Malawi stands to lose some revenue through the phasing out of some import tariffs once the African Continental Free Trade Agreement (AfCFTA) is rolled out, officials from the Ministry of Trade said yesterday.
The observation was made in Lilongwe during an AfCFTA sensitisation meeting jointly organised by the Ministry of Industry, Trade and Tourism in partnership with the Economic Commission for Africa (ECA) and the African Union Commission (AUC).
Briefing reporters on the sidelines of the workshop, Malawi’s Chief Negotiator, Christina Chatima, said an early assessment by her Ministry and the Treasury revealed that government would lose some revenue in the process.
Malawi has is among the countries that signed but is yet to ratify the AfCFTA. Currently about 27 out of 55 countries on the continent.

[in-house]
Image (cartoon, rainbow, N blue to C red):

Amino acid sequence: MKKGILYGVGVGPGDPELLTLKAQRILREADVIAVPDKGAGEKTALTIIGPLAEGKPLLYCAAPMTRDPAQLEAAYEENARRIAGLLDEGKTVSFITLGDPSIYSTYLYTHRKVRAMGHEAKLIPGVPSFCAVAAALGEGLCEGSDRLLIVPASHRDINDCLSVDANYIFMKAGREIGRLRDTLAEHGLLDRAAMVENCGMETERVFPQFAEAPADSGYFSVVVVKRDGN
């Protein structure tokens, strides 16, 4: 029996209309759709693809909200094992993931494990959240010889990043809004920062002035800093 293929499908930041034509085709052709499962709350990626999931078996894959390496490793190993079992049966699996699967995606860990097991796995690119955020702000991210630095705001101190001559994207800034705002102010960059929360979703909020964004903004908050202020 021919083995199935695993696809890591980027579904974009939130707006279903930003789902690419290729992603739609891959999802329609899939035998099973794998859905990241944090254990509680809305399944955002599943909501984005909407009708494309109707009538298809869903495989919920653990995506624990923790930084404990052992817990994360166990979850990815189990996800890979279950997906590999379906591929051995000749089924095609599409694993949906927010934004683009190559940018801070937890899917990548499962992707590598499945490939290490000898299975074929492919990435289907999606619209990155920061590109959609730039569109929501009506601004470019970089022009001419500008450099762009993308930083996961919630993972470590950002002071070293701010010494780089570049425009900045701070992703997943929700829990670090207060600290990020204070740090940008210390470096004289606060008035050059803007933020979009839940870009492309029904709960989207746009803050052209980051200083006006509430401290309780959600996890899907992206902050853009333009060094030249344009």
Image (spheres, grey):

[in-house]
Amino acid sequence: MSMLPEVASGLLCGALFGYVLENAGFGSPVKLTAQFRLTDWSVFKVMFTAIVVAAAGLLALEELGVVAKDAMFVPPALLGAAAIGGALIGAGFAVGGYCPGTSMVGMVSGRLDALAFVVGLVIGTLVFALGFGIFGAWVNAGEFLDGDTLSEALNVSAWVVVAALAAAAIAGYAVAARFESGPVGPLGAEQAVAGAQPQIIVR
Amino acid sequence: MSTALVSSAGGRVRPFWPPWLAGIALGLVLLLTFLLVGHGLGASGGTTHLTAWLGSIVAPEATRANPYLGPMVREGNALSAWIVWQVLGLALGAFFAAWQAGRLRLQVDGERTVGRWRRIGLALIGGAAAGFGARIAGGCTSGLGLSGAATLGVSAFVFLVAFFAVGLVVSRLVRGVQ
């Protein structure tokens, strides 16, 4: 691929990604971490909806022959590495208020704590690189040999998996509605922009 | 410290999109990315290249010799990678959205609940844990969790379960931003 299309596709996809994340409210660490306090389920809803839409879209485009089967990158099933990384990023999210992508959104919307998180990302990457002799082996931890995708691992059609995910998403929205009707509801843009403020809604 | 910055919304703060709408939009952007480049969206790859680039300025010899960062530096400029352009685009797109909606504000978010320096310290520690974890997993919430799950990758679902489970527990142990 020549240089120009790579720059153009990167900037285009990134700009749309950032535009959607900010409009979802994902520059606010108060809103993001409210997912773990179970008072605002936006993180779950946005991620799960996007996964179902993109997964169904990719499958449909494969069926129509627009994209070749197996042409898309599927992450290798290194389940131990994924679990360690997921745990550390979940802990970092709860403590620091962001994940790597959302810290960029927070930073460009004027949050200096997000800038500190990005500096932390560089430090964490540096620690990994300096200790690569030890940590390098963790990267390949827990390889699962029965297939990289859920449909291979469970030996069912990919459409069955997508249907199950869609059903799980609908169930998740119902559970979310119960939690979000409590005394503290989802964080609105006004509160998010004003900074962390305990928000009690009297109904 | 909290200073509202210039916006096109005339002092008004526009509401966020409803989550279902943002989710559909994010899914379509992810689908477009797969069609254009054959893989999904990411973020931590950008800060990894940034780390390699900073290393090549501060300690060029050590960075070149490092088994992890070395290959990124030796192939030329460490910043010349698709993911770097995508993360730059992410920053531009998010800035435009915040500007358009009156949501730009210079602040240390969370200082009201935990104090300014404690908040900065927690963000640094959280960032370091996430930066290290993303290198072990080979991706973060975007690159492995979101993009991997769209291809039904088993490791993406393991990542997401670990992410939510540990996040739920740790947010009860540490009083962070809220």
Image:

Director of Administration in the Ministry of Industry and Trade, Joseph Mkandawire, said the AfCFTA is the creation of a pan-African Market that would increase intra-African trade resulting in an increase of African manufacturing exports within Africa and beyond.
Mkandawire said the growth of the manufacturing sector would lead to job creation especially for the youth which would contribute to poverty reduction since 70 percent of the population in sub- Saharan Africa is below 30 years.
“The AfCTA is expected to bring together 55 African countries with a combined population of more than 1.2 billion people, including a growing middle class, and a combined gross domestic product of more than $3.4 trillion,” he said.
United Nations Economic Commission for Africa (Uneca) Director, Said Adejumobi, said the AfCFTA is set to create the biggest free trade area in the world with a market of more than 1.29 billion people and a combined GDP of more than $2.5 trillion.
“However, the AfCFTA has to be backed up by increased productive capacity, enhanced regional value chains, and removing internal obstacles to the growth of SMEs so that African countries can compete well in the liberalized regional market,” he said.